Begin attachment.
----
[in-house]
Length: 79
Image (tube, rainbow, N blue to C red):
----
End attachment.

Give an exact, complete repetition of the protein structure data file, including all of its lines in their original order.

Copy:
[in-house]
Length: 79
Image (tube, rainbow, N blue to C red):